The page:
To solve this problem, the NSA has created a multi-tiered system that allows analysts to store “interesting” content in other databases, such as one named Pinwale which can store material for up to five years.

It is the databases of XKeyscore, one document shows, that now contain the greatest amount of communications data collected by the NSA.

KS10In 2012, there were at least 41 billion total records collected and stored in XKeyscore for a single 30-day period.

KS11Legal v technical restrictions

While the Fisa Amendments Act of 2008 requires an individualized warrant for the targeting of US persons, NSA analysts are permitted to intercept the communications of such individuals without a warrant if they are in contact with one of the NSA’s foreign targets.

The ACLU’s deputy legal director, Jameel Jaffer, told the Guardian last month that national security officials expressly said that a primary purpose of the new law was to enable them to collect large amounts of Americans’ communications without individualized warrants.

“The government doesn’t need to ‘target’ Americans in order to collect huge volumes of their communications,” said Jaffer. “The government inevitably sweeps up the communications of many Americans” when targeting foreign nationals for surveillance.

An example is provided by one XKeyscore document showing an NSA target in Tehran communicating with people in Frankfurt, Amsterdam and New York.

KS12In recent years, the NSA has attempted to segregate exclusively domestic US communications in separate databases. But even NSA documents acknowledge that such efforts are imperfect, as even purely domestic communications can travel on foreign systems, and NSA tools are sometimes unable to identify the national origins of communications.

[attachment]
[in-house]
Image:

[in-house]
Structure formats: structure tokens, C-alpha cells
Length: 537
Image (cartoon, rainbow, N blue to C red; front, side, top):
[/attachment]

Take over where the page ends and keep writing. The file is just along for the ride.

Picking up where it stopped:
Moreover, all communications between Americans and someone on foreign soil are included in the same databases as foreign-to-foreign communications, making them readily searchable without warrants.

Some searches conducted by NSA analysts are periodically reviewed by their supervisors within the NSA. “It’s very rare to be questioned on our searches,” Snowden told the Guardian in June, “and even when we are, it’s usually along the lines of: ‘let’s bulk up the justification’.”

In a letter this week to senator Ron Wyden, director of national intelligence James Clapper acknowledged that NSA analysts have exceeded even legal limits as interpreted by the NSA in domestic surveillance.

Acknowledging what he called “a number of compliance problems”, Clapper attributed them to “human error” or “highly sophisticated technology issues” rather than “bad faith”.

However, Wyden said on the Senate floor on Tuesday: “These violations are more serious than those stated by the intelligence community, and are troubling.”

In a statement to the Guardian, the NSA said: “NSA’s activities are focused and specifically deployed against – and only against – legitimate foreign intelligence targets in response to requirements that our leaders need for information necessary to protect our nation and its interests.

“XKeyscore is used as a part of NSA’s lawful foreign signals intelligence collection system.